The Gold Diggers

The Gold Diggers

An avant-garde exploration of a woman's life.


“Invoking the repressed facets of the collective history of the cinema and mobilising contemporary feminist theory, The Gold Diggers sets out to redress the balance – to create new stories and generate a space for new forms of female heroism, adventure and pleasure. For instance, in one of the central episodes in the film Ruby walks out of a theater performance of the psychoanalytic drama starring herself as ‘daughter’. [...] Later, in a revised version of the above mentioned scene (filmed from the vantage point of the star) Ruby refuses to play her part on stage. So, not only does The Gold Diggers focus on the desire of the female spectator, but the film refuses to privilege the controlling polarity between the ‘male gaze’ and its specular feminine object. Indeed, there is a sense in which the simultaneous evocation of the archive of the classic cinema and Ruby’s concomitant refusal to ‘love’ the camera, invokes Constance Penley’s suggestion that although the classic cinema may ‘[...] ‘aim’ to construct a transcendental subject [but] it must necessarily fail, subverted by the presence of desire in vision’.”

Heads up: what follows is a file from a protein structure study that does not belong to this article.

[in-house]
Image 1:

Louise Parsons1


“I see this film as a musical describing a female quest. Making it has demanded asking the same questions during the working process as the film endeavours to ask: about the connections between gold, money and women; about imagery in the unconscious and its relationship to the power of cinema; looking at childhood and memory and seeing the history of cinema itself as our collective memory of how we see ourselves and how we women are seen. Working with two female central roles meant continuously asking how can I build/find characters and images of women that will serve our intelligence and mirror the complexities of our struggles. The feature film format sets up its own expectations in terms of what it must offer, which made a useful discipline to work with and learn from and also to push against where it seemed necessary to create a tension with the genre.”

Sally Potter2

UPDATED ON 13.05.2024
IMDB: tt0085606